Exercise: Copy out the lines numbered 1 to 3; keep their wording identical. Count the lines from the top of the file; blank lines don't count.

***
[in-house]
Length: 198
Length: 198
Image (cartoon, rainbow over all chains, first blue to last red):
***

[in-house]
Length: 198
Length: 198